Last Night’s TV – Glee

by Lynn Connolly

Glee is being widely hailed as the new comedic messiah, but I’m afraid I won’t be becoming a follower.

I realise it’s supposed to be clichéd and it’s supposed to be a parody of the ‘earnest’ shows upon which it’s basing its humour – Fame, High School the Musical et al – but anything clichéd is, predictably, predictable.

You can pretty much know exactly what’s going to happen at any given moment and what everybody’s about to say. Not verbatim, but more or less. And it’s just a bit too juvenile and OTT for my tastes.

And, though I nearly get verbally shot for saying so in our house, I feel the same way about other American shows such as Scrubs. My sons think it’s the best thing to come out of America since Pamela Anderson’s chest, but again, I find it too frenetic and I feel it’s trying too hard.

That’s not to say there aren’t some funny moments in Scrubs, or indeed in the subject of this review; there are, but not enough to make me ensure I watch it every week.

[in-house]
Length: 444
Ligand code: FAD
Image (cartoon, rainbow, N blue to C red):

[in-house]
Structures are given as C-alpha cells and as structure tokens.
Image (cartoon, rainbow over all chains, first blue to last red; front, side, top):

And I know this might be a bit of PC madness, but I don’t like the humourising of Kurt who’s repeatedly bullied. Bullying is never funny, and few people who’ve experienced it look back fondly at it years later. It sucks, and it blights lives, so I don’t personally think it should be made ‘funny’.

However, I have to say, I do find Mr Figgins, the couldn’t-care-less Head quite amusing. He’s got apathy off to a fine art, and Terri’s delightfully shallow too, which makes her quite a good character.

But other than that, I’m afraid Glee is far from gleeful for me and I won’t be one of its many loyal viewers.

What do you think of it?

Lynn is an editor and writer here at Unreality TV and is trained psychotherapist and the author of two books. She's addicted to soaps, period drama and reality TV shows such as X Factor, I'm A Celeb and Big Brother.